During the Asean summit in Bali, Indonesia, in 2004, Thaksin surprised many of the delegates by giving Burma his unconditional support and praising then prime minister and feared spy chief Gen Khin Nyunt’s “sincerity”. Philippine President Gloria Macapagal Arroyo later told journalists that Thaksin defended Burma throughout the entire summit.
While other governments in the region – and worldwide – were voicing increasing criticism of the junta and championing speedy democratic change in Burma, Thaksin was seen to be defending the generals, investing in the country and promising piecemeal progress.
Thailand was then Burma’s third most important investment partner, exporting goods worth around US$1.26 billion (43 billion baht) annually.
Thaksinalso had his own business interests in Burma. In 2003, Shin Corp, the telecoms company owned until recently by Thaksin’s family, signed a deal with Bagan Cybertech, the internet service provider run by Ye Naing Win, son of disgraced prime minister Gen Khin Nyunt.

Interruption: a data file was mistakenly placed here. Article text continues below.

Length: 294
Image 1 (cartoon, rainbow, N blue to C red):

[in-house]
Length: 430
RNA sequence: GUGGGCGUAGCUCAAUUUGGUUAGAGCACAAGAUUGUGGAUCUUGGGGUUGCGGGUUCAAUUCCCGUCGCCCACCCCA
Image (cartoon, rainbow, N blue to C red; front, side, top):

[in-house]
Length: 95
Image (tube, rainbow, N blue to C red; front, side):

In 2004, Thaksin visited the ancient former Burmese capital Pagan to sell his Economic Cooperation Strategy, and promised Burma aid and support worth $45 million.
He also set his sights on what he called the “excellent prospects” of Burma’s tourism industry, proposing the construction of a ski resort in Burma’s northern Kachin State and the development of the unspoilt beaches of Arakan State.
The “Bangkok Process”, hosted by Thaksin’s government to advance democracy in Burma, fizzled out when Burmese representatives failed to turn up for a planned second session – a clear demonstration that even the Burmese generals didn’t count on him.
Back home, Thaksin’s administration cracked down on Burmese seeking economic and political refuge in Thailand, raising concerns about a conflict of interest and doubts about Bangkok’s ability to act as an honest broker in Burma’s political standoff.
Sadly, Thaksin’s government, by its attitude towards Burmese migrants and refugees living in Thailand, played the nationalism card in order to boost the prime minister’s popularity.
In early 2004, UN human rights envoy Hina Jilani visited Thailand and said: “Many of the Burmese human rights defenders feel very insecure with regard to their freedom of movement inside Thailand.” Not surprisingly, Ms Jilani received a cool reception in Bangkok.